Automating multi-app functional testing against different versions of Android

Venkatesh-Prasad Ranganath
4 min readNov 27, 2017


Automated testing is mostly about plumbing. Don’t you think?


Ghera is a repository of benchmarks that embody known vulnerabilities in Android apps. Each benchmark is composed of two apps: a benign app that exhibits a vulnerability and a malicious app that exploits the vulnerability. To help with documentation, we manually test each benchmark against different versions of Android, i.e., API versions 19 thru 25. So, for each benchmark, we perform 6 functional tests, i.e., benign-malicious combination on 6 different versions of Android.


Based on a recent feedback at Promise’17, we decided to extend each benchmark with a secure app that does not exhibit the vulnerability. Consequently, we have to manually execute 240 functional tests as we currently have 40 benchmarks. Instead, how about automating this testing?


For each benchmark, for each selected API version,

  1. Fire up an emulator,
  2. Install API specific APK of the benign (or secure) app,
  3. Install API specific APK of the malicious app,
  4. Drive the malicious apps via UI automation, and
  5. Check if the observed behavior matches the expected behavior.

Here’s how I realized the above solution.

Step 1: Generate different APKs for each Android version

As is, each benchmark contains two projects: Benign and Malicious that each house an app with ids edu.ksu.cs.benign and edu.ksu.cs.malicious, respectively. So, I extended the Gradle build files of the apps by injecting sdkFlavors.gradle (see the code listing below) into each <project>/app/build.gradle files (see line 35 in build.gradle below). With these simple changes, I could use ./gradlew assembleDebug to generate Android version specific APKs.

Step 2: Create instrumented multi-app test

Since I wanted to test how edu.ksu.cs.benign app behaves when edu.ksu.cs.malicious app interacts with it, I created a project named Testing with an app module named benign_app. The purpose of benign_app was to house the instrumented tests.

Unfortunately, Android app development tools does not admit an app module without an app manifest file. So, I created an empty app manifest file in benign_app module and used edu.ksu.cs.benign as the package name in the manifest; the choice of this package name does not matter.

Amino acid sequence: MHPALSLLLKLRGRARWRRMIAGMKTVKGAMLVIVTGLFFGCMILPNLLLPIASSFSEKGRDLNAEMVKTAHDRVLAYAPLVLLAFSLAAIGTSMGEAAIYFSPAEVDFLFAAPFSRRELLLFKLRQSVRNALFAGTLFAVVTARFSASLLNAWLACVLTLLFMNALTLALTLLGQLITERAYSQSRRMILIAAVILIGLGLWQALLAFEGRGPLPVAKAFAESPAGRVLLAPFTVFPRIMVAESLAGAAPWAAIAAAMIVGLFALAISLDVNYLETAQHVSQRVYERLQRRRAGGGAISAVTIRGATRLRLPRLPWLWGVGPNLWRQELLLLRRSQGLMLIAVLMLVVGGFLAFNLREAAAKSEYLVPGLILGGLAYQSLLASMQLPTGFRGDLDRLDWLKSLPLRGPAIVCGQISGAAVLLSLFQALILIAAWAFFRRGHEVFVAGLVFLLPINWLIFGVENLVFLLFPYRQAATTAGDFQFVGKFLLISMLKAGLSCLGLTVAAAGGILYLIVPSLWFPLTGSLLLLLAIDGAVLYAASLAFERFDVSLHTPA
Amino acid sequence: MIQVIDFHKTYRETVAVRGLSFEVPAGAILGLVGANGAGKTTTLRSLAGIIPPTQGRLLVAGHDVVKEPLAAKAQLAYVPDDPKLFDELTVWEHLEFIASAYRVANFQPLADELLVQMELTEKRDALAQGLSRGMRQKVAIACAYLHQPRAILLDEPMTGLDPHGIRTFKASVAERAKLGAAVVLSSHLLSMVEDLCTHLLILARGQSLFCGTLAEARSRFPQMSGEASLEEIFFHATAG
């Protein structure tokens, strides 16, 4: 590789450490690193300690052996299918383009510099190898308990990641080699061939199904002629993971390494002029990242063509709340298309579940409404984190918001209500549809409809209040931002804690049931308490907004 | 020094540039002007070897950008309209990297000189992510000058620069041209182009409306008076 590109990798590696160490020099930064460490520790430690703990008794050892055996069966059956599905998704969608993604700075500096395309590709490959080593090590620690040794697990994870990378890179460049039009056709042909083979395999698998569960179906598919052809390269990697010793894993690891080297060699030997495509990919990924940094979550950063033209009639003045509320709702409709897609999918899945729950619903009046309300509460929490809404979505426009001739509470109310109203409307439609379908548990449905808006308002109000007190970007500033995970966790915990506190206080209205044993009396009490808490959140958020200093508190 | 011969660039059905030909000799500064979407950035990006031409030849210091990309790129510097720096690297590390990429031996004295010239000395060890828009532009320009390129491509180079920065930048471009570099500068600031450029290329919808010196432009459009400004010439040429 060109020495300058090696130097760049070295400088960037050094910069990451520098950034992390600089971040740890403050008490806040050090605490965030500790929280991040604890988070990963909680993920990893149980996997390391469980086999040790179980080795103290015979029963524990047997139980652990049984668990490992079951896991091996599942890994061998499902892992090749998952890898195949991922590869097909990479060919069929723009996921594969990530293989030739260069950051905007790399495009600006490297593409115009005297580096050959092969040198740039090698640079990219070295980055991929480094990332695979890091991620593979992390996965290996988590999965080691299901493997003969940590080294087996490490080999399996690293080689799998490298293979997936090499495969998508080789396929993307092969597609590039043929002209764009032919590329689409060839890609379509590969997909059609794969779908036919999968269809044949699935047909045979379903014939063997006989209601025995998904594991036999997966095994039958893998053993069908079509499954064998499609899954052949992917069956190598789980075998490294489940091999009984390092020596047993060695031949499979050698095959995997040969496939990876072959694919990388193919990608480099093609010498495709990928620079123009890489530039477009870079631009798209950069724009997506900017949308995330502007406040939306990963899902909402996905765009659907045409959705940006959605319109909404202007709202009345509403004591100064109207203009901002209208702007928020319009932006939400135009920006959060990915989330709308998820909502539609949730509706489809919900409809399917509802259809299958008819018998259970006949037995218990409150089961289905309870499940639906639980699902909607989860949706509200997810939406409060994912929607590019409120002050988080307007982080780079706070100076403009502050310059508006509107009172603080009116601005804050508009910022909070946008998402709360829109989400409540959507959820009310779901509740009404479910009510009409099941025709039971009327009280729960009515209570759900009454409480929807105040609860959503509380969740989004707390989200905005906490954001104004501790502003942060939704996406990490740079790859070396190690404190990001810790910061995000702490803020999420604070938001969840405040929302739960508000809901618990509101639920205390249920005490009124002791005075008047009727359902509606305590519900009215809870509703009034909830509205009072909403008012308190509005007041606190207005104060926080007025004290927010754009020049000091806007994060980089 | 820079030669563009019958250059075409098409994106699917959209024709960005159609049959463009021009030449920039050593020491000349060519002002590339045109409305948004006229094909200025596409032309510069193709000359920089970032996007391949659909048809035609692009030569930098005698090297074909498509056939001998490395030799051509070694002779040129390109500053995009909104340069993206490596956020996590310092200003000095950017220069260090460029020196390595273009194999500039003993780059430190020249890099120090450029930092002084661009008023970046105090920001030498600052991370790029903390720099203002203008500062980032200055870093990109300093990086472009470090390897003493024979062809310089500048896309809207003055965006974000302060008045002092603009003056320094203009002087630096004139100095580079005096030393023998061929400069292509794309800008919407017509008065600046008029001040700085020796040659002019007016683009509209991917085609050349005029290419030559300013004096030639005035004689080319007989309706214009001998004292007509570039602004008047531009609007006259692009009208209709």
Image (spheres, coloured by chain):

Next, I created a test class in Testing project to contain the instrumented UI tests. (Please refer to this Android documentation link about writing such tests.) When the tests are exercised via gradle, the test harness considers the app with the app id mentioned in the gradle build file (e.g., applicationIdon line 29 in build.gradle listed below) as the (to be) tested app. Consequently,the test harness tries to find the named app on the emulator to execute the tests against it. So, make sure the app id in gradle build file is identical to that of an app installed on the emulator/device.

In my case, this was not possible as the tests were not in the same module as tested app. Even if the tests were moved to app module in Benign project, the tests depended on edu.ksu.cs.malicious app and there was no (obvious) way to configure the test harness (via gradle) to install edu.ksu.cs.malicious app before executing the tests. This is also the reason for not being able to use gradle’s connectedAndroidTest task to run these tests.

Step 3: Orchestrate testing outside of the build system

As a solution, I crafted the following build and test orchestration shell script in Bash.

The script automates the

  • building the apps (lines 12–23),
  • testing benign app (lines 46–63), and
  • testing secure app (lines 65–78).

while assuming

  • AVD names conform to a pre-defined naming scheme,
  • Testing project has secure_app module to test the secure app, and
  • applicationId of secure_app module/app is edu.ksu.cs.benign as this helps reuse edu.ksu.cs.malicious app without any changes.

With all of this, once we have functional tests for more benchmarks, executing them requires only few key strokes :) The only downside of this solution is the lack of pretty test reports :( Really, whom am I kidding?

The corresponding source code can be found here.

What would have been ideal?

  1. Using gradle to run functional tests.
  2. Modify connectedAndroidTest task (including all its product flavor specific variants) to install and uninstall APKs.
  3. Having connectedAndroidTest task start and stop virtual devices.
  4. Selecting and configuring the virtual device to start in each product flavor specific variant of connectedAndroidTest task.
  5. Creating a instrumentation test-only Android project that does not require an app manifest and specific app ids.

Closing thoughts

Given this was my first brush with Android app development, I am impressed with Android Studio and the available tooling.

If my observations about Android plugin for Gradle are true, then I hope Android team considers and addresses them in future releases :)

All of this was done in about a day. I could have missed obvious existing solutions or approaches to do multi-app functional testing. If this is the case, then please provide pointers to existing solutions or alternative approaches (via comments below).




Venkatesh-Prasad Ranganath

Engineer / X-Academic / X-Researcher curious about software and computing.